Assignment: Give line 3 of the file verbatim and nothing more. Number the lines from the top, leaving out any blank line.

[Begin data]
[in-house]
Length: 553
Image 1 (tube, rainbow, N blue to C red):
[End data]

Image 1 (tube, rainbow, N blue to C red):